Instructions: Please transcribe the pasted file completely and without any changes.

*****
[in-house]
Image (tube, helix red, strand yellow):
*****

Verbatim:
[in-house]
Image (tube, helix red, strand yellow):